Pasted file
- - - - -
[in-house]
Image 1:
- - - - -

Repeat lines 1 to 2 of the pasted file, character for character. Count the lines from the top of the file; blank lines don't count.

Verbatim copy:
[in-house]
Image 1: